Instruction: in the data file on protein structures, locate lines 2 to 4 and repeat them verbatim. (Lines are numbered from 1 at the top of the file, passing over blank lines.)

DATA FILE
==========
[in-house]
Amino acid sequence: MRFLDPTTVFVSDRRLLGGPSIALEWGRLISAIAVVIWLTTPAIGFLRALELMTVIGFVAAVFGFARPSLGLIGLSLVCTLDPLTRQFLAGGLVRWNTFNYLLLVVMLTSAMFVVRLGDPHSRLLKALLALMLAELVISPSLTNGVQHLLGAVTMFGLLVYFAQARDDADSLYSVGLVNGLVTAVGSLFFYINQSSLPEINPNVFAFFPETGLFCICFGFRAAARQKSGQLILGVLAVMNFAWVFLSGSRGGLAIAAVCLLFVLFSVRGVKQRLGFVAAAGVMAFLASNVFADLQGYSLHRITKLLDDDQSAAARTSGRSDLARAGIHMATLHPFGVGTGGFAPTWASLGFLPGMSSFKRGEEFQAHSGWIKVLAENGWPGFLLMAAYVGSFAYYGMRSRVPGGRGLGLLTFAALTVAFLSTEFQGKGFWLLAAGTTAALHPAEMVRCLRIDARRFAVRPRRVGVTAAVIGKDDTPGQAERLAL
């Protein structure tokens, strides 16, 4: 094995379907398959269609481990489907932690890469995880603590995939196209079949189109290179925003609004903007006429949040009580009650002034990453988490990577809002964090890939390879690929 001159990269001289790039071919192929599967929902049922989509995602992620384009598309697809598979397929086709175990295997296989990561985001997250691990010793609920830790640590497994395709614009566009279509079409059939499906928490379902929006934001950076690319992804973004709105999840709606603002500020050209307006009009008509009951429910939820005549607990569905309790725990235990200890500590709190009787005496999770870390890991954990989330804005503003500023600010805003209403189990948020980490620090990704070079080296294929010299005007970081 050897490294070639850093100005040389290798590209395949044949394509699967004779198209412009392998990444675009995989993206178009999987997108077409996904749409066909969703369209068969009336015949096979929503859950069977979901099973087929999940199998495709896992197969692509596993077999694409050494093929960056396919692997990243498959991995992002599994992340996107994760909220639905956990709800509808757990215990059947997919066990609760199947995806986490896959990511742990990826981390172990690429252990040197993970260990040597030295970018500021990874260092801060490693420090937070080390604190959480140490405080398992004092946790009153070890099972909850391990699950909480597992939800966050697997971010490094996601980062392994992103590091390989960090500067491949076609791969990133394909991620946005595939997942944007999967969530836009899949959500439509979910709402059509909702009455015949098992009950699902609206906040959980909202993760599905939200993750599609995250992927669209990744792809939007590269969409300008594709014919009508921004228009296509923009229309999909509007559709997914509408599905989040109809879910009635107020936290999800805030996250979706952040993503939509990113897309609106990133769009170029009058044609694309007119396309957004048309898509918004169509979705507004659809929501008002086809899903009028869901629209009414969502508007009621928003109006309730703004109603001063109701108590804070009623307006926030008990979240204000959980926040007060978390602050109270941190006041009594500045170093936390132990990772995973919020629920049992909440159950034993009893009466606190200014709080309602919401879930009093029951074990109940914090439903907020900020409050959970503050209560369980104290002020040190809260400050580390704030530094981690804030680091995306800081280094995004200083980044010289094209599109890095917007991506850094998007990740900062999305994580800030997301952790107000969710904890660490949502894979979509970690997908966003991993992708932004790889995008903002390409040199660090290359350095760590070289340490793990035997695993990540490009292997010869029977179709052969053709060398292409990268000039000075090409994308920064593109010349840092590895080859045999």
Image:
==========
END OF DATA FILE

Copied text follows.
Amino acid sequence: MRFLDPTTVFVSDRRLLGGPSIALEWGRLISAIAVVIWLTTPAIGFLRALELMTVIGFVAAVFGFARPSLGLIGLSLVCTLDPLTRQFLAGGLVRWNTFNYLLLVVMLTSAMFVVRLGDPHSRLLKALLALMLAELVISPSLTNGVQHLLGAVTMFGLLVYFAQARDDADSLYSVGLVNGLVTAVGSLFFYINQSSLPEINPNVFAFFPETGLFCICFGFRAAARQKSGQLILGVLAVMNFAWVFLSGSRGGLAIAAVCLLFVLFSVRGVKQRLGFVAAAGVMAFLASNVFADLQGYSLHRITKLLDDDQSAAARTSGRSDLARAGIHMATLHPFGVGTGGFAPTWASLGFLPGMSSFKRGEEFQAHSGWIKVLAENGWPGFLLMAAYVGSFAYYGMRSRVPGGRGLGLLTFAALTVAFLSTEFQGKGFWLLAAGTTAALHPAEMVRCLRIDARRFAVRPRRVGVTAAVIGKDDTPGQAERLAL
């Protein structure tokens, strides 16, 4: 094995379907398959269609481990489907932690890469995880603590995939196209079949189109290179925003609004903007006429949040009580009650002034990453988490990577809002964090890939390879690929 001159990269001289790039071919192929599967929902049922989509995602992620384009598309697809598979397929086709175990295997296989990561985001997250691990010793609920830790640590497994395709614009566009279509079409059939499906928490379902929006934001950076690319992804973004709105999840709606603002500020050209307006009009008509009951429910939820005549607990569905309790725990235990200890500590709190009787005496999770870390890991954990989330804005503003500023600010805003209403189990948020980490620090990704070079080296294929010299005007970081 050897490294070639850093100005040389290798590209395949044949394509699967004779198209412009392998990444675009995989993206178009999987997108077409996904749409066909969703369209068969009336015949096979929503859950069977979901099973087929999940199998495709896992197969692509596993077999694409050494093929960056396919692997990243498959991995992002599994992340996107994760909220639905956990709800509808757990215990059947997919066990609760199947995806986490896959990511742990990826981390172990690429252990040197993970260990040597030295970018500021990874260092801060490693420090937070080390604190959480140490405080398992004092946790009153070890099972909850391990699950909480597992939800966050697997971010490094996601980062392994992103590091390989960090500067491949076609791969990133394909991620946005595939997942944007999967969530836009899949959500439509979910709402059509909702009455015949098992009950699902609206906040959980909202993760599905939200993750599609995250992927669209990744792809939007590269969409300008594709014919009508921004228009296509923009229309999909509007559709997914509408599905989040109809879910009635107020936290999800805030996250979706952040993503939509990113897309609106990133769009170029009058044609694309007119396309957004048309898509918004169509979705507004659809929501008002086809899903009028869901629209009414969502508007009621928003109006309730703004109603001063109701108590804070009623307006926030008990979240204000959980926040007060978390602050109270941190006041009594500045170093936390132990990772995973919020629920049992909440159950034993009893009466606190200014709080309602919401879930009093029951074990109940914090439903907020900020409050959970503050209560369980104290002020040190809260400050580390704030530094981690804030680091995306800081280094995004200083980044010289094209599109890095917007991506850094998007990740900062999305994580800030997301952790107000969710904890660490949502894979979509970690997908966003991993992708932004790889995008903002390409040199660090290359350095760590070289340490793990035997695993990540490009292997010869029977179709052969053709060398292409990268000039000075090409994308920064593109010349840092590895080859045999």
Image: